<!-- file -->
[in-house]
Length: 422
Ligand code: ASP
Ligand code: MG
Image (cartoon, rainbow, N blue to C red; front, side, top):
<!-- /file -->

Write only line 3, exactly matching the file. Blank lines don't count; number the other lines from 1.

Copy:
Ligand code: ASP